Iodine heptafluoride
Structure of iodine heptafluoride(IF7)
Iodine heptafluoride
Iodine heptafluoride
Iodine heptafluoride
Iodine heptafluoride
Other names
Iodine(VII) fluoride
3D model (JSmol)
ECHA InfoCard 100.037.241 Edit this at Wikidata
  • InChI=1S/F7I/c1-8(2,3,4,5,6)7 checkY
  • InChI=1/F7I/c1-8(2,3,4,5,6)7
  • FI(F)(F)(F)(F)(F)F
Molar mass 259.90 g/mol
Appearance colorless gas
Density 2.6 g/cm3 (6 °C)
2.7 g/cm3 (25 °C)
Melting point 4.5 °C (40.1 °F; 277.6 K) (triple point)
Boiling point 4.8 °C (40.6 °F; 277.9 K) (sublimes at 1 atm)
soluble [1]
Related compounds
Related compounds
iodine pentafluoride
Except where otherwise noted, data are given for materials in their standard state (at 25 °C [77 °F], 100 kPa).
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Iodine heptafluoride is an interhalogen compound with the chemical formula IF7.[2][3] It has an unusual pentagonal bipyramidal structure, with D5h symmetry, as predicted by VSEPR theory.[4] The molecule can undergo a pseudorotational rearrangement called the Bartell mechanism, which is like the Berry mechanism but for a heptacoordinated system.[5]

Below 4.5 °C, IF7 forms a snow-white powder of colorless crystals, melting at 5-6 °C. However, this melting is difficult to observe, as the liquid form is thermodynamically unstable at 760 mmHg: instead, the compound begins to sublime at 4.77 °C. The dense vapor has a mouldy, acrid odour.[6][7]


IF7 is prepared by passing F2 through liquid IF5 at 90 °C, then heating the vapours to 270 °C. Alternatively, this compound can be prepared from fluorine and dried palladium or potassium iodide to minimize the formation of IOF5, an impurity arising by hydrolysis.[8][9] Iodine heptafluoride is also produced as a by-product when dioxygenyl hexafluoroplatinate is used to prepare other platinum(V) compounds such as potassium hexafluoroplatinate(V), using potassium fluoride in iodine pentafluoride solution:[10]

2 O2PtF6 + 2 KF + IF5 → 2 KPtF6 + 2 O2 + IF7


Iodine heptafluoride decomposes at 200 °C to fluorine gas and iodine pentafluoride.[11]

Safety considerations

IF7 is highly irritating to both the skin and the mucous membranes. It also is a strong oxidizer and can cause fire on contact with organic material.


  1. ^ Pradyot Patnaik. Handbook of Inorganic Chemicals. McGraw-Hill, 2002, ISBN 0-07-049439-8
  2. ^ Macintyre, J. E. (Ed.). (1992). Dictionary of Inorganic Compounds (Vol. 3). London: Chapman & Hall.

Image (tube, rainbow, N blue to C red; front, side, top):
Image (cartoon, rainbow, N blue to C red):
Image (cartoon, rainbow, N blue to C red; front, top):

3. ^ O'Neil, Maryadele J. (Ed.). (2001). The Merck Index (13th ed.). Whitehouse Station, NJ: Merck.
  4. ^ K. O. Christe; E. C. Curtis; D. A. Dixon (1993). "On the problem of heptacoordination: vibrational spectra, structure, and fluxionality of iodine heptafluoride". Journal of the American Chemical Society. 115 (4): 1520–1526. doi:10.1021/ja00057a044.
  5. ^ W. J. Adams; H. Bradford Thompson; L. S. Bartell (1970). "Structure, Pseudorotation, and Vibrational Mode Coupling in IF7: An Electron Diffraction Study" (PDF). Journal of Chemical Physics. 53 (10): 4040–4046. Bibcode:1970JChPh..53.4040A. doi:10.1063/1.1673876. hdl:2027.42/71219.
  6. ^ Lide, David R. (2011). The CRC Handbook of Chemistry and Physics, 89th ed. p. 4-67.
  7. ^ Ruff & Keim 1930, pp. 180–182: "Das reine Jod-7-fluorid ist bei Zimmer­temperatur ein farbloses Gas, das an der Luft infolge seiner Umsetzung mit dem Wasser­dampf Nebel bildet und muffig sauer riecht. Beim Abkühlen wird es je nach den Versuchs­bedingungen als leicht bewegliche, farblose Flüssigkeit als schneeweißes lockeres Pulver oder in Form farbloser Kristalle erhalten....Die Schmelz­temperatur wurde durch Eintauchen von Proben, die in Quarzröhrchen eingeschmolzen waren, in Bäder passender Temperatur ermittelt und zu 5 bis 6° C gefunden. [Durch] Messung der Dampfdrucke...gelangt man zu der Gleichung
    ....Für den Druck von 760 mm errechnet sich eine Temperatur von 4,5° C. [Pure iodine heptafluoride is at room temperature a colorless gas, which forms a fog in air on account of its reaction with the humidity and smells musty and acrid. When cooled, it takes the form, depending on experimental conditions, of a free-flowing colorless liquid, a loose snow-white powder, or colorless crystals....The melting point was measured by immersion of a probe in a bath of the right temperature, which was melting in a little quartz tube and found to be 5‑6 °C. [From] measurement of the vapor arrives at the equation
    ....At a pressure of 760 mm it computes a temperature of 4.5 °C.]"
  8. ^ Schumb, W. C.; Lynch, M. A. (1950). "Iodine Heptafluoride". Industrial & Engineering Chemistry. 42 (7): 1383–1386. doi:10.1021/ie50487a035.
  9. ^ Ruff & Keim 1930.
  10. ^ Beveridge, A. D.; Clark, H. C. (1967). "Pentahalides of the Transition Metals". In Gutmann, Viktor (ed.). Halogen Chemistry. Vol. 3. Academic Press. pp. 179–226. ISBN 9780323148474.
  11. ^ Кнунянц, И. Л. (1990). Химическая энциклопедия : в пяти томах (in Russian). Советская Энциклопедия. p. 496. ISBN 5-85270-008-8. OCLC 19556260.

Common sources